I’m walking Spot up the street. He stops, sniffs, adds
to a stain on the pavement. I wait, see Brenda’s tulips;
green streaks on white. Goblet-shaped. Recall Isnik
plates at the British Museum: green tulips, white carnations,
intertwined. Hello, I say to a man with staring eyes. He’s
plugged into music. His vague smile isn’t for me. We’re into
allotments, by the hedge I planted. Now birds nest in this hawthorn
tangled with honeysuckle. Sweet white lilac, starry panicles.
‘Madame Lemoine.’ A fragrant wife? What lovely immortality,
a plant named for you. A Sweaty Betty jogs by, terrier in tow
which sees us, sighs, is tugged away. Spot waters woodruff.
‘No Entry’. A Holly Blue, a chip of sky, flits through the gate.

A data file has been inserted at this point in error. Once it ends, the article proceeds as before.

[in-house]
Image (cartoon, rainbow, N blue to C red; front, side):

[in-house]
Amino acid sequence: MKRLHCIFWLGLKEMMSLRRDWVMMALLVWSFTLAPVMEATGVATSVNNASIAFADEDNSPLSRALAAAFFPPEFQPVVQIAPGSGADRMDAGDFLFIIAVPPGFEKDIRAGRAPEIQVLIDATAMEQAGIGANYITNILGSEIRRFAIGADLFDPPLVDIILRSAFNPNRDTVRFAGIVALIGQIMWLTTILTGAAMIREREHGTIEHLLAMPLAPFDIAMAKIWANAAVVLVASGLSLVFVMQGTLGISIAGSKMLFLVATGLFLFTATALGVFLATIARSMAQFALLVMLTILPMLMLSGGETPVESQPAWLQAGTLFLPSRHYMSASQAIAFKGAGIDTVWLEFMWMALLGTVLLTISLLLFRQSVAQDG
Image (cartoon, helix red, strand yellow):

A froth of cow parsley shows why, when I cup each intricate
umbel, it’s Queen Anne’s Lace. An old family photo: sad face,
fingers clenched in the lap of a black dress. Worked to the bone.
My father’s great-grandmother, from Grafton Underwood. Lacemaker.
He showed me her cottage years ago. Someone rich must live there now.
I share her DNA, not her poverty. Turn homeward, thoughtful, slow.The slow death of purposeless walking